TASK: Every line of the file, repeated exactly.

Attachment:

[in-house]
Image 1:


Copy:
[in-house]
Image 1: